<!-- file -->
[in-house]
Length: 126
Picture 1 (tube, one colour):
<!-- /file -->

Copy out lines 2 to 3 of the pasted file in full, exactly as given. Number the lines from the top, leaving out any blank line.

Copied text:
Length: 126
Picture 1 (tube, one colour):